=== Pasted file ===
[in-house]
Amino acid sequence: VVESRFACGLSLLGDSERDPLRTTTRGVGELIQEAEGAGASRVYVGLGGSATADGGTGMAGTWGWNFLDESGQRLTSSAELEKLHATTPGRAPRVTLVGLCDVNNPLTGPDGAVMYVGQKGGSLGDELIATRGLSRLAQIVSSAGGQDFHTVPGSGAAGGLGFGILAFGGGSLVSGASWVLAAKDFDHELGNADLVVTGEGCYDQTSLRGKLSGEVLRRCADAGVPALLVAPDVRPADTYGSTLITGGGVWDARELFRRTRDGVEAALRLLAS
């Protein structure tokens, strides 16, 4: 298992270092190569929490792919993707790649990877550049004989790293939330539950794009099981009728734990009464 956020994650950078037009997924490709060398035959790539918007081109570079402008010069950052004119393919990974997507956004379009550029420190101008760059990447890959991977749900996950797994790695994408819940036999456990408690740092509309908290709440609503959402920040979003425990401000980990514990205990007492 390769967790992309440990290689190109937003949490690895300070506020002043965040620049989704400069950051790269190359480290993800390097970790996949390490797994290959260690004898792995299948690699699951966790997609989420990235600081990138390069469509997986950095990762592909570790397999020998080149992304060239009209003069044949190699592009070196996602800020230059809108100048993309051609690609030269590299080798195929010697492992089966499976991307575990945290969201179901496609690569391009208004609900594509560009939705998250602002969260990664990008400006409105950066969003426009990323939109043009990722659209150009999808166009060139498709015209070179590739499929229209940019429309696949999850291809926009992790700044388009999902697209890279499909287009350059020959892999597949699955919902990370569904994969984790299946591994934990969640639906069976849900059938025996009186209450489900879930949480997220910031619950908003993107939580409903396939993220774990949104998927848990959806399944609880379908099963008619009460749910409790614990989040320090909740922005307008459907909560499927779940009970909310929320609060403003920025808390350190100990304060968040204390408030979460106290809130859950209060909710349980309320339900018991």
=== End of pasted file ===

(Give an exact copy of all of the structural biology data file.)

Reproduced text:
[in-house]
Amino acid sequence: VVESRFACGLSLLGDSERDPLRTTTRGVGELIQEAEGAGASRVYVGLGGSATADGGTGMAGTWGWNFLDESGQRLTSSAELEKLHATTPGRAPRVTLVGLCDVNNPLTGPDGAVMYVGQKGGSLGDELIATRGLSRLAQIVSSAGGQDFHTVPGSGAAGGLGFGILAFGGGSLVSGASWVLAAKDFDHELGNADLVVTGEGCYDQTSLRGKLSGEVLRRCADAGVPALLVAPDVRPADTYGSTLITGGGVWDARELFRRTRDGVEAALRLLAS
């Protein structure tokens, strides 16, 4: 298992270092190569929490792919993707790649990877550049004989790293939330539950794009099981009728734990009464 956020994650950078037009997924490709060398035959790539918007081109570079402008010069950052004119393919990974997507956004379009550029420190101008760059990447890959991977749900996950797994790695994408819940036999456990408690740092509309908290709440609503959402920040979003425990401000980990514990205990007492 390769967790992309440990290689190109937003949490690895300070506020002043965040620049989704400069950051790269190359480290993800390097970790996949390490797994290959260690004898792995299948690699699951966790997609989420990235600081990138390069469509997986950095990762592909570790397999020998080149992304060239009209003069044949190699592009070196996602800020230059809108100048993309051609690609030269590299080798195929010697492992089966499976991307575990945290969201179901496609690569391009208004609900594509560009939705998250602002969260990664990008400006409105950066969003426009990323939109043009990722659209150009999808166009060139498709015209070179590739499929229209940019429309696949999850291809926009992790700044388009999902697209890279499909287009350059020959892999597949699955919902990370569904994969984790299946591994934990969640639906069976849900059938025996009186209450489900879930949480997220910031619950908003993107939580409903396939993220774990949104998927848990959806399944609880379908099963008619009460749910409790614990989040320090909740922005307008459907909560499927779940009970909310929320609060403003920025808390350190100990304060968040204390408030979460106290809130859950209060909710349980309320339900018991």